LANGEBAAN, South Africa -- The oldest known footprints of an anatomically modern human are in danger of destruction on the shores of a sparkling lagoon here after having been preserved by nature for 117,000 years.Scientists say the extraordinary pair of footprints, discovered in 1995 but not disclosed publicly until last year, have become so popular among barefoot beach-goers that the soft sandstone impressions may not last the South African summer.The threat to the rare prints has become so worrisome that the National Parks Board will meet tomorrow to consider removing them to a museum for safekeeping.
NEWS
By Edward Gunts and Edward Gunts,SUN ARCHITECTURE CRITIC | January 7, 2004
Two sunken reflecting pools will forever occupy the footprints of New York's collapsed World Trade Center towers - permanent reminders of the voids left by the terror attacks on Sept. 11, 2001. The Lower Manhattan Development Corp. announced yesterday that a design titled "Reflecting Absence," by architect Michael Arad and landscape architect Peter Walker, has been selected from 5,201 submissions in an international competition held to create a memorial to the victims. The memorial is one of the most anticipated features in the rebuilding of Lower Manhattan, along with a 1,776-foot-tall Freedom Tower whose shape will evoke the silhouette of the Statue of Liberty.
NEWS
By Justin Fenton and Justin Fenton,justin.fenton@baltsun.com | January 29, 2009
Sgt. Steve Olson only had to follow the footprints. With snow falling and few people out Tuesday night, whoever shot 23-year-old Jasmine Harris in the doorway of her family's West Baltimore home had left a clear trail. It twisted from the home, through an alley behind several houses, and up onto a porch on Gwynns Falls Parkway. It led to an area where a vehicle appeared to have pulled up, and then, right back to the crime scene in the 3000 block of Windsor Ave. There, standing on the corner, at the end of the footprints, was Kenneth R. Warren Jr. He was watching police response to the shooting.
NEWS
By Frank D. Roylance and Frank D. Roylance,SUN STAFF | June 4, 1998
Ray Stanford's hobby is taking over his house.Hundreds, maybe thousands of rocks are heaped in knee-high windrows around his living room. Rock piles snake across the floor, under and over his furniture. Stacks of rocks have permanently usurped his kitchen stove."We don't even eat here, there are so many darn rocks in the house," Stanford said. His insurance company urged him to reinforce his floor beams. He did. But he won't get rid of the rocks.These rocks are pocked with footprints, traces of a lost world that flourished 105 million to 115 million years ago, during a time geologists call the Cretaceous period.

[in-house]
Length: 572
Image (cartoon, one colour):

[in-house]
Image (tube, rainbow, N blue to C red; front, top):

BUSINESS
By Natalie Sherman, The Baltimore Sun | January 17, 2014
The days of the cushy corner office for top law partners may be numbered. Maybe. On average, law firms still occupy up to three times the space per worker as companies in banking, finance, insurance and technology, according to a national study by commercial real estate broker Cushman & Wakefield. But with increasing pressure on firms to lower costs, that's expected to change, which has significant implications for office space in downtown Baltimore. Law firms occupy about 13 percent of Baltimore's top-tier office space, with many smaller firms leasing in older buildings, according to a 2013 report by commercial real estate firm Jones Lang LaSalle.
FEATURES
Laurel Peltier and Guest blogger | May 17, 2013
(An earlier version of this post included incorrect information about Maryland Gas & Electric, its pricing and whether it offers a "green" gas plan involving carbon offsets. The Sun regrets the errors.) ---------------- (Another in an occasional series of guest posts by GreenLaurel.com blogger Laurel Peltier) Marylanders have a choice in purchasing electricity for their homes to buy "green" power generated by wind turbines. They don't have as many options when it comes to natural gas for heating and cooking, but there is one company offering consumers a convenient if slightly pricier way to reduce the climate impact of their fuel choice -- through carbon offsets.